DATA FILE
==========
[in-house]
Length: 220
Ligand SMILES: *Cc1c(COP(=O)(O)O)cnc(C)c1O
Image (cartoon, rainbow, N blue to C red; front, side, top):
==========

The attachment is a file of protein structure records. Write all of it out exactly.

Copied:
[in-house]
Length: 220
Ligand SMILES: *Cc1c(COP(=O)(O)O)cnc(C)c1O
Image (cartoon, rainbow, N blue to C red; front, side, top):